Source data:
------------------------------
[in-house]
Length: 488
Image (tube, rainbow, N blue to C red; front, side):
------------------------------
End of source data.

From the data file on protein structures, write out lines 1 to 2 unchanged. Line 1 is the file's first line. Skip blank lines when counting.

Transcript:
[in-house]
Length: 488